The Bewitching Elizabeth Montgomery
By: Legacy Staff
4 years ago
Elizabeth Montgomery enchanted a generation as friendly witch Samantha Stephens on TV's Bewitched. In honor of her on the day when she would have turned 80, here are eight facts you may not have known about the actress’s life and work.
2. Elizabeth Montgomery never won an Emmy like her dad did, but she was nominated nine times (plus three Golden Globe nominations). Her first Emmy nod was for a guest-starring role on an episode of The Untouchables, "The Rusty Heller Story."
3. Beginning in 1964, Bewitched was a huge success, and it ran for eight seasons (for most of which Montgomery played two characters – Samantha Stephens and her mischievous cousin Serena). The show was renewed for a ninth season on the strength of high ratings – indeed, ABC's highest ratings to date – but Montgomery backed out, wanting to pursue other projects.
4. Though Bewitched ended in 1972, Montgomery still had nose-twitches to offer. In the 1980s, she appeared in a series of Japanese commercials in which she reprised her witchy role.
5. It may be hard to imagine Montgomery as anything other than kind and lovable, but she played a villain against type in the 1985 TV movie Amos.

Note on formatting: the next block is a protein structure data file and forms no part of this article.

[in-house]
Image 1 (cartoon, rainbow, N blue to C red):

6. In her personal life, Montgomery was an activist for liberal causes (unlike her staunchly Republican father). She spoke out against the Vietnam War, and she was an advocate for gay rights, serving as Grand Marshal of the 1992 Los Angeles Gay Pride Parade along with former costar Dick Sargent.
7. Montgomery also volunteered with non-profit Learning Ally, an organization that records textbooks and other reading material for blind, dyslexic and disabled people. When Montgomery died at 62 – just eight weeks after being diagnosed with colorectal cancer –- Learning Ally assembled a team of 21 celebrities to record Chicken Soup for the Soul and dedicated it to her.
8. Elizabeth Montgomery continued acting until the end of her life. One of her last roles was made-for-TV detective flick Deadline for Murder, which aired in April 1995 just nine days before her death.